Five secrets of Rome

SPECTACULAR: The Coloseum in Rome stands proud as a main landmark and attraction in the Italian capital city.
SPECTACULAR: The Coloseum in Rome stands proud as a main landmark and attraction in the Italian capital city.

From affordable shopping to taking enviable travel snaps, Kate Coughlan has this Italian capital covered.

Here's her top five tips.


It's possible to eat a three-course meal with wine for less than $15 in Rome. OK, so the three courses are each a piece of pizza and it's a hole-in-the-wall joint (barstool seating) and the wine is a little bottle of chilled Chianti with a plastic glass - if you ask for one. Don't be fussy.

Menu 1 is not far from the glorious Piazza Navona, the pizza is so delicious the tiny place is crammed with hungry Romans enthusiastically chewing their way though lunch while yelling into their mobile phones and simultaneously waving their arms around, so the entertainment's free.

And there'll be enough change from the lunch budget to spend $20 buying a Campari soda at a tourist trap near Bernini's Fountain of the Four Rivers in the Piazza Navona where people-watching can take the rest of the day. Menu 1, Via Metastasio, 20f


There's no need to spend thousands of euros staying in Rome - an out-of-town hotel can still give that immersion experience, including Rome by night, at a fraction of the cost.

The Marriott Park Hotel, halfway between the international airport (Fiumicino) and the city (30km) has rates from as low as €135 ($218) for a generous bedroom with a good bathroom. Yes, it's usually an oxymoron - "good Roman bathroom".

We know the Romans invented plumbing in the second century BC to clear the debris of dead gladiators out of the Colosseum via the Cloaca Maxima, but why did they give up on improving the idea for the subsequent two millennia?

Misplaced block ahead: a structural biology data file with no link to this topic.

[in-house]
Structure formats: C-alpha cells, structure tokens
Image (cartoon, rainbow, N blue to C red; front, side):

Resting on their laurels? Such a treat, then, that the Marriott Park has a separate toilet and shower in addition to a bathroom (with full-sized bath).

Wowee. The free wi-fi in the massive lobby is a bonus but best of all is the shuttle bus delivering guests right into the heart of the city every hour or so (last pick-up 11pm).

If you can't bear to be in Rome and NOT be in the heart of it, try the Hotel Hassler at the top of the Spanish Steps.

Pronounce it "Assler" and dip into your pocket for €2000 a night. Marriott Park Hotel, via Colonnello Tommaso Masala, 54


Like to buy designer bags for a quarter of the usual price? And not from the new merchants of Rome either: those charming African gentlemen with their fake fall-apart-after-one-outing designer wares strewn across the pavements along the Tiber.

No, these are the real deal and are sourced from fashion shows and TV programmes by a pair of enterprising sisters.

The clothes tend to be on the small side but not so the handbags.

Some of the clothes look as if they might be second-hand rather than worn-just-once but when the Via Condotti - home to the ultimo-stylish designer flagship stores - gets a bit OTT, browsing Stella McCartney, Alberta Ferretti, Dior, Fendi, D&G (heaps of this), Prada and Gucci for under €1000 makes a nice change.

Both shops are called Lesley though that's the name of only one of the sisters behind this business (the other is Wendy). Lesley, Via Lombardia, 38C and Via Vittoria, 27


Life is a million times more fun if you try at least one or two phrases in Italiano. No matter how stilted it sounds, it's like switching on a light behind the waiter/shopkeeper/receptionist's eyes.

Even if Italiano is beyond you, never (ever) forget the politeness . . . go overboard on "please" and "thank you".

Now say after me: "Scusi, per favore, grazie, molte grazie" and "fa bello" (it's a nice day). You can't overdo it in Italiano; use them all in one sentence even.


The best place to take an autumn or spring sunset shot of St Peter's Basilica, silhouetted against a blazing sky with Rome's ubiquitous umbrella pines dotting the fading horizon line, is from the centre of the Ponte Umberto.

Little wonder Il Papa has kept the power - it's an awesome sight indeed.

Kate Coughlan travelled to Rome with Cathay Pacific (daily flights to Rome via Hong Kong) to join the Azamara Journey for a seven-night cultural immersion tour of Tuscany and Provence;

For Kate's story about the cruise, see NZ Life & Leisure issue 53, on sale December 30.

Sunday Star Times